White House adviser Stephen Miller decided to take one last question at the end of a news conference explaining a new immigration proposal from President Donald Trump, and it touched off a remarkable showdown with CNN reporter Jim Acosta.
Miller was at the podium to explain the administration’s position on the Reforming American Immigration for Strong Employment (RAISE) Act, which eventually would cut legal immigration in half as America shifted away from low-skilled migrants to immigrants with high-end work skills, education, and English language ability.
Acosta said the proposal does not “sound like it’s in keeping with American tradition when it comes to immigration” and then proceeded to recite the poem at the base of the Statue of Liberty. It provoked a back and forth that lasted six minutes.
Miller pointed out the original intent of the statue — contrary to popular belief — was a symbol of American liberty enlightening the world, not an invitation to mass immigration. The poem was not part of the original statue.
Acosta repeatedly interrupted Miller as he tried to answer questions.
“In 1970, when we let in 300,000 people a year, was that violating or not violating the Statue of Liberty law of the land?” Miller asked. “In the 1990s, when it was half a million people a year, was it violating or not violating the Statue of Liberty law of the land? Tell me what years Jim Acosta’s definition [is] of the Statue of Liberty poem law of the land.”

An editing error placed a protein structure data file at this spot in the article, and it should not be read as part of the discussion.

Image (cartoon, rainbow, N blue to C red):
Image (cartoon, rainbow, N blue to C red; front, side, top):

“Have you honestly never met an immigrant from another country who speaks English outside of Great Britain and Australia?”
Acosta did not have an answer.
The current annual immigration total is about 1.1 million.
Miller called Acosta’s assertion “shockingly ahistorical” since immigration has ebbed and flowed, with very high levels during certain periods and low levels in other eras.
Acosta shifted from the number of immigrants to the languages they speak, noting that the bill proposed by Sens. Tom Cotton (R-Ark.) and David Perdue (R-Ga.) would give preference to newcomers who speak English.
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“You’re sort of bringing a press-1-for-English philosophy here to immigration, and that’s never been what the United States has been about?” he said.
Acosta later added, “Are we just gonna bring in people from Great Britain and Australia?”
Miller said the question betrays “cosmopolitan bias” of the CNN reporter.
“I am shocked at your statement, that you think only people from Great Britain and Australia would know English,” he said.
Miller said it is offensive to millions of people from all over the world who speak English.
“Have you honestly never met an immigrant from another country who speaks English outside of Great Britain and Australia?” he asked.
Acosta also raised the specter of the border wall that Trump has proposed to combat illegal immigration and suggested that immigration levels are not high because illegal border crossings have declined. Miller hammered the non sequitur.
“Surely, you don’t think that a wall affects green card policy,” he said. “You couldn’t possibly think that, do you?… Do you really at CNN not know the difference between green card policy and illegal immigration?”
Miller said suggestions that the bill is racist is one of the most “outrageous, insulting, ignorant and foolish things” Acosta has ever said. Miller also noted that the foreign-born U.S. population has quadrupled since 1970 and stands at an all-time high in numerical terms.
“I apologize, Jim, if things got heated, but you did make some pretty rough insinuations,” Miller said.
(photo credit, homepage and article images: Gage Skidmore, Flickr)